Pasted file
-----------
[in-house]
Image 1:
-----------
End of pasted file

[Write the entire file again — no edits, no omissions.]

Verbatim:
[in-house]
Image 1: